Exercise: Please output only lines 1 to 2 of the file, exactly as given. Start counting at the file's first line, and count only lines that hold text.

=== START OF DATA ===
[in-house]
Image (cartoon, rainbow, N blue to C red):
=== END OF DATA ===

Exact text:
[in-house]
Image (cartoon, rainbow, N blue to C red):